10 Creative Ways to Declutter Your Home

“People rarely succeed unless they have fun in what they are doing.” —Dale Carnegie

The idea of living a simplified, uncluttered life with less stuff sounds attractive to many. They have considered the benefits of owning fewer possessions: less to clean, less debt, less to organize, less stress, more money and energy for their greatest passions. They are ready to declutter but some get quickly tripped up by the very next question… where in the world do I begin?

Many begin to feel overwhelmed, anxious, and defeated around the idea of decluttering their homes. That’s too bad. The decluttering journey doesn’t need to be as painful as some make it out to be. In fact, there are a variety of people who have come up with some pretty fun, creative ways to get started.

Consider this list of 10 creative ways to declutter your home:

1. Give yourself 5 solid minutes. Leo Babauta at Zen Habits recommends 18 different 5-minute decluttering tips. Pick one today that sounds appealing. Or better yet, pick a random number 1-18, read the specific tip, and commit 5 minutes to completing it.

2. Give away one item each day. Colleen Madsen at 365 Less Things gives away one item each day. Over the past several years, she has experienced quite a transformation simply reducing her stuff one day at a time.

3. Fill one trash bag. Early in our journey towards simplicity, one of my favorite decluttering techniques was to grab a simple large trash bag and see how quickly I could fill it. While much of what I collected was trash, this could also be used to fill a bag for Goodwill.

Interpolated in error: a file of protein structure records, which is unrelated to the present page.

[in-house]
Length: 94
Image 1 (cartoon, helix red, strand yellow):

4. Try the Oprah Winfrey Closet Hanger Experiment. While this idea didn’t originate with Oprah, she was the one to help give it notoriety. To identify wardrobe pieces to clear out, hang all your clothes with the hangers in the reverse direction. After you wear an item, return it to the closet with the hanger facing the correct direction. After six months, you’ll have a clear picture of which clothes you can easily discard. This experiment could also be applied to a number of clutter areas in your home (cleaners, toys, linens, tools, hobbies and craft items).

5. Make a list. Dana Byers recommends creating a list of places/areas in your home to declutter beginning with the easiest… which doesn’t sound all that creative until she adds this note, “When you’re done with one area, STOP.” This list could be made as easy or difficult as you desire based upon what areas of your home make up the list (drawers/closets/rooms). And could easily fit into any schedule.

6. Take the 12-12-12 Challenge. A simple task of locating 12 items to throw away, 12 items to donate, and 12 items to be returned to their proper home can be a really fun and exciting way to quickly organize 36 things in your house. On more than one occasion, this challenge actually became a quick competition between my wife and me… and your kids don’t have to be too old to participate as well.